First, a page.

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Movie Review: Marley

Rasta stoner who hit it lucky with some God-given talent?

Nope. Bob Marley was a courageous, hard-working and intense (although far from perfect) character, as we learn from the documentary "Marley."

That fierce determination he would exhibit as a young man owed a lot to his struggle as an impoverished, biracial kid in a Jamaican mountain village.

"[He was] worse than teased. Teased is not the word. You'd call it rejected," onetime bandmate Bunny Wailer says of the prejudice Marley faced over the lighter color of his skin. His uncles would make him do the work of a man when he was a small boy just to earn his meal.

Desi Smith, an old friend from his teen years in Kingston, says, "Bob, me, we went to bed hungry ... Real hungry. One of the famous lines was 'Drink some water and go to bed.' ... That kind of [suffering] and struggle can make you either go bad ... or good."

Bob Marley went good, very good, thanks to his early love of music and a natural-born gift that would emerge as a teenager. "Marley," from Oscar-winning director Kevin Macdonald, tracks his unlikely rise from peasant's son to King of Reggae.

The director refers to it as an oral history, so "Marley" is a talky film, but it offers more variety of Marley footage than you'll see in one place and lots of colorful Jamaican characters and sunny atmosphere.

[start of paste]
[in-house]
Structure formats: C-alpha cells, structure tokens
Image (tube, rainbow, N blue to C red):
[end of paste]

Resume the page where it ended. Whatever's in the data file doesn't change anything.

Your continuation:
Marley's early influences may come as a surprise. He was smitten by groups like the Drifters and Temptations, and, as fellow musicians say, he combined that doo-wop harmony style with indigenous mento, calypso and kumina beats. When they put the guitar accent on the offbeat, they came up with reggae.

From his very first single, "Judge Not," recorded in 1962 when he was 16, Marley was concerned with issues like justice and humanity, a quality that would set him apart. He worked his band hard and, as Mr. Wailer describes, the Wailers even played in a graveyard in the middle of the night to overcome whatever fears they might have of performing to an audience. Mr. Macdonald illustrates how Marley adopted the Rastafarian lifestyle, adding purpose and mystique to his music.

His prosperity as a major label artist only strengthened his resolve to help the Jamaican people. Not only were there lines outside his door for handouts of money, "Marley" chronicles a concert that could have cost him his life. It was a major public benefit that became political dynamite in a deeply divided Jamaica. During rehearsals he was shot in the arm in an assassination attempt. When asked if he feared another attempt at the concert, Marley said, "What is to be must be."

Marley on stage, of course, is all electrifying. As a father, he wasn't so much of a superstar. He had a dozen (or so) children with countless women, which weighed on wife Rita, a backup singer in his band. Daughter Cedella and son Ziggy (who is a co-producer) say he wasn't around much, and when he was, he was tough, even competitive with his kids.

They were all pretty young when the film takes its tragic course -- to Pittsburgh for his final show (depicted in photos and audio), and then to Germany for a fleeting effort to cure his cancer. The good side to Marley's conquests is that he passed the musical gene down to Ziggy, Stephen, Julian, Damian and others, who carry on the family tradition.

But as with John Lennon, you watch "Marley" contemplating how much more greatness the world could have gotten from Bob Marley, above and beyond the musical level.

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